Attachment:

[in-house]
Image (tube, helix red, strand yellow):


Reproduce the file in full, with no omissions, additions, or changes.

[in-house]
Image (tube, helix red, strand yellow):